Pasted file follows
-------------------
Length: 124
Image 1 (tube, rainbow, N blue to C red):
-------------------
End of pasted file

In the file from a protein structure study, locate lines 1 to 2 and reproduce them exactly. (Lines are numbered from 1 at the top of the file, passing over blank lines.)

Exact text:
Length: 124
Image 1 (tube, rainbow, N blue to C red):